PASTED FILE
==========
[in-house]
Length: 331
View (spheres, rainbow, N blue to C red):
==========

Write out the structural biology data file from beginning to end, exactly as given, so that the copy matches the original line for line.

[in-house]
Length: 331
View (spheres, rainbow, N blue to C red):